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Wednesday, April 27, 2016

Researcher reconstructs 1,000 year old ‘lost’ music from ancient manuscript | RedOrbit

"After more than 20 years of research, songs from the Middle Ages are now being played for the first time in 1000 years." inform Susanna Pilny, science writer for redOrbit.

Photo: University of Cambridge

All of this is thanks to Cambridge researcher Sam Barrett, who has been working painstakingly for years to reconstruct the music of a Latin text from the Cambridge Songs—an 11th century manuscript combining classical texts (as in ancient Roman and Greek authors) with a special kind of musical notation known as neumes.

As is occasionally done today (like the song to help you remember the three kinds of rock in a cringey way), music was a popular way to memorize texts—such as the Latin text, The Consolation of Philosophy by Roman philosopher Boethius, from the Cambridge Songs. Neumes—symbols that represented music in the Middle Ages—were a way of recording how the songs sounded.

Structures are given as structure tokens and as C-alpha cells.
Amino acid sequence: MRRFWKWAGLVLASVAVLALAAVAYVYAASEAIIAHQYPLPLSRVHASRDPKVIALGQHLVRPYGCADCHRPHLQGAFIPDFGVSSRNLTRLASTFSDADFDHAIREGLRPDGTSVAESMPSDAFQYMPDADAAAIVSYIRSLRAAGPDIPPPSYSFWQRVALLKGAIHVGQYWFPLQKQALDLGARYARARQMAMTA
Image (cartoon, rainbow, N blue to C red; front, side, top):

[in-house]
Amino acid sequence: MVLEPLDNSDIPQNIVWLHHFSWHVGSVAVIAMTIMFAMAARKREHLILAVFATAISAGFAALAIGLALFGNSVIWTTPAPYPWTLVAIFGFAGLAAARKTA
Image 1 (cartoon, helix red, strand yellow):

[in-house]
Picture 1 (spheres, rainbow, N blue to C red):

Carmina qui quondam (excerpt) - Boethius, Consolation of Philosophy I:1 

Recreating old tunes
Reconstructing this music, then, seems simple—all you should have to do is look at the neumes, right? Sadly, it wasn’t this easy; there were two huge catches that kept the songs from being fully realized.

First, unlike something like guitar tab, neumes did not record notes—they were more musical outlines, and medieval musicians relied entirely on memory and traditions to play music. And once this died out in the 12th century, there was no one left to remember how these songs were supposed to sound.

“Neumes indicate melodic direction and details of vocal delivery without specifying every pitch and this poses a major problem,” said Barrett in a Cambridge statement. “The traces of lost song repertoires survive, but not the aural memory that once supported them. We know the contours of the melodies and many details about how they were sung, but not the precise pitches that made up the tunes.”

The second major problem: The Cambridge Songs manuscript was missing a page.

“This particular leaf – ‘accidentally’ removed from Cambridge University Library by a German scholar in the 1840s – is a crucial piece of the jigsaw as far as recovering the songs is concerned,” said Barrett.

Source: RedOrbit and Cambridge University Channel (YouTube)

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